I feel that I’ve been living in a bubble the last month, but work, deadlines, and work deadlines will do that to a person. Yesterday was an escape from that bubble — the fifth annual Annapolis Irish Festival was held at the Anne Arundel County Fairgrounds.
I first went in 2012, then again last year, and I had a good time both years. It’s part music festival, part Irish culture festival. I saw people of all ages, from infants in strollers to retirees. There were food vendors and kilt vendors, t-shirt vendors and flag vendors. There were been vendors and snowball vendors.
Mainly, I went for the music. Carbon Leaf was going to be there. So was Barleyjuice and the Kilmaine Saints. Albannach, too. There was a good line-up of artists that I enjoy, only I kept forgetting to buy my ticket until a coworker was talking about her weekend plans midweek and I realized that I really should buy the ticket.
I arrived about 11:30 with the intention of staying until the closing Carbon Leaf set (which would theoretically end somewhere in the vicinity of 10 o’clock). The drive down to Annapolis from York was lovely, save for the two accidents on 83. It was a pretty day, sunny and not too humid.
There really isn’t a lot to say about the Annapolis Irish Festival. I had a nice time. Spent more money than I’d planned, had Old Dominion Brewing Company’s Oak Barrel Stout (which, despite the name, is actually brewed in Delaware), heard a lot of music, and walked around a bit.
The only sets I caught in full were the two Carbon Leaf sets. I caught almost all of Aine O’Doherty’s set (all but the first song);,until yesterday I’d never heard of her, and I was quite captivated by what I heard. For everything else I saw, like Barleyjuice and the Kilmaine Saints, I stayed for a few songs and then moved on to see what else was happening. I didn’t manage to see any of Albannach; that just wasn’t in the cards.
Aine O’Doherty, I’ll start there. I’d settled in on the hillside to listen to The Rogues, and I thought I heard a song I knew coming from the pavillion behind me, a Cranberries song. I decided to investigate, and I ended up staying through the end of her set. From the DC area by way originally of County Donegal, she played a mix of covers (a few Cranberries songs, a U2 song), originals, and Irish fare (including a song in Irish Gaelic). I bought her EP after the set.
I caught parts of both Barleyjuice sets. Barleyjuice is a Philadelphia-based band, and I first saw them at Shamrock Fest in 2011. They are probably best known for the song “Weekend Irish,” which was used in an episode of NBC’s The Office. They also cover rock songs in a Celtic rock style; one of particular note is their cover of “London Calling.” The album I’d recommend for a first time listener is Bonnie Prince Barley.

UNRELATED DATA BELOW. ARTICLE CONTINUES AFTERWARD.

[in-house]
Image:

Mainly I went for the two Carbon Leaf sets. For twenty dollars, I got to see Carbon Leaf twice.
The two sets were different, and that wasn’t simply a function of the time allotted to each set. (The first set ran an hour, the second an hour forty-five with the encore.) Both had a Celtic flavor, but the setlists were very different (the evening list drew more heavily from Ghost Dragon Attacks Castle than the earlier set) and they played songs that I don’t believe I’ve ever heard live before (“X-Ray” in the afternoon set, “Wandrin’ Around” in the evening set).
If I had a complaint, it was that in the second set I found myself standing in a hard-packed mud crater that wasn’t level. We’ve had torrential rains in the Chesapeake area the last few weeks, and the field where the main stage pavillion stood had clearly been a mud bog as recently as a few days ago. It wasn’t the most comfortable place to stand.
I think they drew well, but I couldn’t really tell. I know there were more people at both sets than some of the occasions I saw Carbon Leaf play at the University of Richmond fifteen years ago. (If twenty people turned up to some of their gigs at The Cellar, I’d be surprised.)
The evening ended with Carbon Leaf’s encore. Part of Scythian joined them on stage and, together, they performed “Let Your Troubles Roll By,” dominated by a lengthy instrumental jam, and it lasted a good ten minutes.
A good time was had. It was a great day for an outing.
The first Carbon Leaf set:
Carbon Leaf, joined on-stage by the Culkin School of Irish Dance:
Barleyjuice, from their second set:
Carbon Leaf, from their second set:
My souvenir haul — a Carbon Leaf t-shirt, a Carbon Leaf USB stick, Kilmaine Saints’ Untraditional album, and Aine O’Doherty’s EP:
The Carbon Leaf t-shirt is the first CL t-shirt I’ve ever bought in all my years of following the band. (I do own two or three, thanks to their IndieGo campaigns.) It features the lyrics to “Indecision,” shaped in a map of the Commonwealth of Virginia.
For more pictures, see my Facebook photo album.